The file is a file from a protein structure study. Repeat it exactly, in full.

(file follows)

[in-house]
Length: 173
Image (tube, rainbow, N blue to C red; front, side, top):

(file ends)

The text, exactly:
[in-house]
Length: 173
Image (tube, rainbow, N blue to C red; front, side, top):